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Credit Cards for Millennials: Terms, How to Apply & Rewards Programs

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Credit cards are a hot topic for Millennials. Half of the world tells us that credit cards are pure evil and the other half constantly brags about the “rewards” they get for using one.

And then there’s Samuel L. Jackson on TV every night demanding to know: “What’s in YOUR wallet!”

If you’re just getting out in the world and your wallet doesn’t have a credit card, there are some questions you need answered before claiming one:

  • Why would I ever want a credit card?
  • What is the advantage of a credit card?
  • Where should I start?
  • Why is Samuel L. Jackson so obsessed with my wallet?

The short answer to these questions is: If you carry enough cash to pay for purchases, don’t bother with credit cards.

However, the other side of that story is: Cash is great for tonight, but what happens when you need a car loan and lenders ask about your credit score?

That’s when you’ll wish you had listened to old Samuel Jackson.

To get approved for an auto loan, mortgage, or any line of credit for that matter, you will need a credit score, and credit cards are the easiest way to get one. Show lenders you will use credit responsibly – pay off credit cards in full at the end of every month – and banks, credit unions and even your parents will fall all over themselves to lend you money.

Know These Credit Card Terms

But before you accept the next Visa or American Express offer you get in the mail, there are some financial terms you need to be familiar with so you’re not in over your head before you make your first purchase.

Annual Fee – A fee assessed to certain credit card accounts each year for the privilege of owning the card. It is most common with high rewards cards. Unless you’re sitting on a gold mine, you do not want a card with an annual fee.

APR – Stands for Annual Percentage Rate. It is the interest rate you pay on whatever balance you carry over from one month to the next. Calculating APR is a nightmare for anyone not a math major. The best advice is to pay off credit card debt at the end of every month and you’ll never have to worry about APR.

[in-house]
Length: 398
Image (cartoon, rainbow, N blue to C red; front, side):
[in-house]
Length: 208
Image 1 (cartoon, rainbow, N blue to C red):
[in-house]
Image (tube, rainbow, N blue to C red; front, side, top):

Cosigner – Someone who agrees to pay another person’s debt if he/she defaults. A cosigner is one way for you to start your credit card life with a higher credit limit.

Credit Limit – The maximum amount of money the card holder can charge on his/her credit card.

Current Balance – The total amount of money owed on a credit card during the current billing period.

Grace Period – The interest-free time between the statement end date and the payment due date. Federal law says it must be at least 21 days.

Introductory Rate – Also known as the teaser rate, it is the initial APR offered by a credit-card issuer to entice new customers to sign an agreement. It is much lower than the actual APR, and it must be offered for at least six months, but usually runs for 12-18 months.

Minimum Payment – The lowest amount a cardholder can pay to avoid late fees and maintain good credit. It is usually 2% of the balance owed.

Penalty Rate – The interest rate a credit-card issuer will charge for violating the terms and conditions of the signed agreement. It is most commonly applied to late payments. It is much higher than the APR.

Statement Balance – The amount of money the cardholder owes the credit-card issuer for purchases made the prior month. Cardholders will avoid interest by paying off the statement balance each month.

Steps Toward Owning a Credit Card

Once you become familiar with terms associated with credit card usage, it’s time to take the first steps toward actually owning one.